The first layer also highlights the Standing Rock Reservation, which is another Sioux reservation land that borders Cheyenne River Reservation within South Dakota and continues into North Dakota. This land should be of some familiarity to most Americans, as there has been a substantial protest near the Sacred Stone Camp (also spotted on my map) for several months against a proposed oil pipeline that would affect sacred lands to the Sioux. I simply added these locations to help show the proximity of the two reservations.
The Black Hills and Badlands National Parks are plotted to show nearby non-Native attractions (although both are sacred to Native Americans) and the Mt. Rushmore & Crazy Horse Monuments. My ASB group may have time to visit one of these locations, or other natural attractions before we begin our service week.

I hope this map helps you learn more about South Dakota and the Sioux people! - SB

Ten Interesting Facts About Brockton


Here is a map showing ten interesting things in the city of Brockton, MA. Many of which people may not be aware of, including residents of this city.


Whenever I get a chance to visit a national/state park I jump at the opportunity! Ever since I was a kid I loved taking long hikes through park, it was always interesting to take a new path and see where it led me. state and national parks have always given me a sense of peace in a chaotic world, in these parks it is quiet, serine, and full of wonder.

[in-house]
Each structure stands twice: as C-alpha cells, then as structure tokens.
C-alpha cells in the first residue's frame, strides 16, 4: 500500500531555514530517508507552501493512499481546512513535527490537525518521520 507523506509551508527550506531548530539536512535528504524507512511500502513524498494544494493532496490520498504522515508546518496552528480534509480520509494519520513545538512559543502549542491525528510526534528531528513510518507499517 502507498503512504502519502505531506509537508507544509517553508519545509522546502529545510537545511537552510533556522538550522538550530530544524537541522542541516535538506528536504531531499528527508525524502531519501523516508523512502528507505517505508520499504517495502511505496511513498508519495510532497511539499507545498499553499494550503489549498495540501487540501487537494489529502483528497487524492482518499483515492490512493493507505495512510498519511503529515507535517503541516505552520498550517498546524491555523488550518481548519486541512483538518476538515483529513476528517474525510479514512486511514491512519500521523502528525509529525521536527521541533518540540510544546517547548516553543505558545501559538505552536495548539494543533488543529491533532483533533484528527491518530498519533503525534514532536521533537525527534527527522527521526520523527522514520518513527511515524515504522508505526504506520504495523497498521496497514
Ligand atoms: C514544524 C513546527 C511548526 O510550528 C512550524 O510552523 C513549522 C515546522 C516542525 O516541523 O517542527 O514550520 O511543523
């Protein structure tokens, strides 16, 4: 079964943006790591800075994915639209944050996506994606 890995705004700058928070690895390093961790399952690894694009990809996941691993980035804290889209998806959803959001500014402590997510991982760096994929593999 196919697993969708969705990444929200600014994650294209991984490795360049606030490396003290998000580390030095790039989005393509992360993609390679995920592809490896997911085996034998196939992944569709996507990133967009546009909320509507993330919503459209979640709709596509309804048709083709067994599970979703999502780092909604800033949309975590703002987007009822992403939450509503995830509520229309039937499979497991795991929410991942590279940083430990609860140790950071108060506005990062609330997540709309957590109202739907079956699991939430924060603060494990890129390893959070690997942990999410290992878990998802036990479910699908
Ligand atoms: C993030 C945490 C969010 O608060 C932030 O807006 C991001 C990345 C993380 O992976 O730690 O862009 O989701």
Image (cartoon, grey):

A cooler, Oakley sunglasses and a Abu Garcia make a great day.



A cooler, Oakley sunglasses and a Abu Garcia rod is all I need to have a great summer day. Salt water fishing is one of my favorite hobbies and every year my brother and I pick a place to visit on our list. On this map are locations where I have friends who also love to fish and are waiting for me to explore that fishing site. The areas in green are chosen places I have already visited and the areas in red are places I have not explored yet. This summer of 2016 while I was away in military training I still managed to sneak in a fishing session out in Virginia Beach and it was a beautiful time. I am hoping to expand this map and locations as I continue to fish every year. When I complete this map I will create another one with newer locations to explore. If you love to fish I highly recommend some of these places as they are the most exciting places to fish in.

Wednesday, November 30, 2016

Where Did I Come From?

This is a map depicting the ancestry of my family, both past and present. There is quite a lot that is still unknown about my family's past, especially with my paternal grandmother's side as my grandmother passed away at age 50. I hope that viewing the map is an enjoyable experience, getting to see just how diverse my family tree is.

Legend:

The blue stars represent my Paternal Grandfather's ancestry while the blue points represent my Paternal Grandmother's ancestry. The blue squares represent where in the world my father's extended family currently resides.

The coral stars represent my Maternal Grandfather's ancestry while the coral points represent my Maternal Grandmother's ancestry. The coral squares represent where in the world my mother's extended family currently resides.

The yellow square represents where my soon to be in-laws reside and the yellow point represents where they are from.

The purple points represent my immediate family, where we were born and live today.